Little Feat or Hendrix’s ‘Burning of the Midnight Lamp’.

What will your next single be?

I’m going into the studio in October to record an acoustic solo EP so maybe
something from that.

What kind of songs do you like to record the most?

I’d just like to record as many of my songs as possible, whether they are the
shorter, more compact type of songs or longer songs that stretch out or the ones
in between. I like being able to imagine other instruments to really bring out
different emotional atmospheres and moods from each song’s distinct flavour.
I’d say that if I was to record a second album with the songs I’m working on
now or that I already have finished, there’d be even more sonic textures on it
than Scarecrow. I like the creative scope of that.

What is your favorite song among all the songs you have recorded and what’s the
story behind it?

Answer: I
think any of the four electric songs on Scarecrow are contenders or
‘Beaker’s Bowl’ from the live album. But if I was pushed to answer that
question I’d probably say ‘No Stone Unturned’ because of its eclecticism and it
appears on both the Scarecrow album and the live album available through
BandCamp. It’s a song about just trying to get on with it, about wishing
sometimes that people would mind their own business and just let me get on with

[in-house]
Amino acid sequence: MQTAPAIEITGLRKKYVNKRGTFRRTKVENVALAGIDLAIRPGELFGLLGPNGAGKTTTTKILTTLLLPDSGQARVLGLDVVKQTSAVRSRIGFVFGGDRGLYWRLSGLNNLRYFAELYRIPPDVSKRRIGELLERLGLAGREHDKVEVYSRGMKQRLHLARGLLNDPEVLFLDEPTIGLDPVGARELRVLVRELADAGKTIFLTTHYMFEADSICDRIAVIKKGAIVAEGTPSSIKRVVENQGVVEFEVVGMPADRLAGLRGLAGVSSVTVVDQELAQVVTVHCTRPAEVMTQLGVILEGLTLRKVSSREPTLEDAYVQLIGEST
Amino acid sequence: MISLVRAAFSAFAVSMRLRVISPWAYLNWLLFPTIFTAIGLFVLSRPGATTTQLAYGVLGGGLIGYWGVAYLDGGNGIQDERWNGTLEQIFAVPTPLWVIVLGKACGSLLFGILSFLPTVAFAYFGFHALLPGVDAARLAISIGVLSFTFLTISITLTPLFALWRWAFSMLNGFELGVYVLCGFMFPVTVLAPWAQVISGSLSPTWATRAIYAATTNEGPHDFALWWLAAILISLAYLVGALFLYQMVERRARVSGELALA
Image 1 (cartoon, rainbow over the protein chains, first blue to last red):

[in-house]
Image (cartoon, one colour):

my life.

How much creative control do you have over your music?

Although it wasn’t always the case, nowadays, I have full control over the
creative process, which feels great and somewhat overdue since I started the
band and I’ve always written all the songs anyway. The choice of songs picked
to record on Scarecrow was a compromise between the band members, myself
and the executive producer but other than that, I had full creative control
over the project but with the advice and technical assistance of the engineers
Tony Furnell and Jude McCaffrey, Cormac O’Kane who mastered it and Colin Harper
who was the executive producer.

than the songs chosen for the album, during planning and recording the Scarecrow
recording sessions, the former members of the band said they didn’t want the
responsibility for anything except playing their own parts, which I was very
glad to hear because I had a vision for the album and the future of the band
with lots of energy and ideas for the project that I didn’t want to be diluted.